Each Service Beings With An OpenAPI Contract There is no reason that microservices should start with writing code. It is expensive, rigid, and time consuming. The contract that a service provides to clients can be hammered out using OpenAPI, and made available to consumers as a machine readable artifact (JSON or YAML), as well as visualized using documentation like Swagger UI, Redocs, and other open source tooling. This means that teams need to put down their IDE’s, and begin either handwriting their OpenAPI definitions, or being using an open source editor like Swagger Editor, Apicurio, API GUI, or even within the Postman development environment. The entire surface area of a service can be defined using OpenAPI, and then provided using mocked version of the service, with documentation for usage by UI and other application developers. All before code has to be written, making microservices development much more agile, flexible, iterative, and cost effective.
Mocking Of Each Microservice To Hammer Out Contract Each OpenAPI can be used to generate a mock representation of the service using Postman, Stoplight.io, or other OpenAPI-driven mocking solution. There are a number of services, and tooling available that takes an OpenAPI, an generates a mock API, as well as the resulting data. Each service should have the ability to be deployed locally as a mock service by any stakeholder, published and shared with other team members as a mock service, and shared as a demonstration of what the service does, or will do. Mock representations of services will minimize builds, the writing of code, and refactoring to accommodate rapid changes during the API development process. Code shouldn’t be generated or crafted until the surface area of an API has been worked out, and reflects the contract that each service will provide.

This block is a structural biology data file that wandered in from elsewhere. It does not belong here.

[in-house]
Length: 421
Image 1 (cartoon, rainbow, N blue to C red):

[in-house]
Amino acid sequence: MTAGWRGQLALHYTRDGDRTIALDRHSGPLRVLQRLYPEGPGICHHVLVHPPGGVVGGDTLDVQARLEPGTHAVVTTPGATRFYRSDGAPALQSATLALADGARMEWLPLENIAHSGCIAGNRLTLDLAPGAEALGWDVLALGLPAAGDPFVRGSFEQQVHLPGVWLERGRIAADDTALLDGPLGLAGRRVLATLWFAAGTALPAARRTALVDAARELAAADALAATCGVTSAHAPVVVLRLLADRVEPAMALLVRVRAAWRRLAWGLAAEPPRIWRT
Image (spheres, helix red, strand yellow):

OpenAPI Documentation Always AVailable In Repository Each microservice should be self-contained, and always documented. Swagger UI, Redoc, and other API documentation generated from OpenAPI has changed how we deliver API documentation. OpenAPI generated documentation should be available by default within each service’s repository, linked from the README, and readily available for running using static website solutions like Github Pages, or available running locally through the localhost. API documentation isn’t just for the microservices owner / steward to use, it is meant for other stakeholders, and potential consumers. API documentation for a service should be always on, always available, and not something that needs to be generated, built, or deployed. API documentation is a default tool that should be present for EVERY microservice, and treated as a first class citizen as part of its evolution.